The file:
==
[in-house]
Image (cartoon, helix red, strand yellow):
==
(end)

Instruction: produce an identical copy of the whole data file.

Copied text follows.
[in-house]
Image (cartoon, helix red, strand yellow):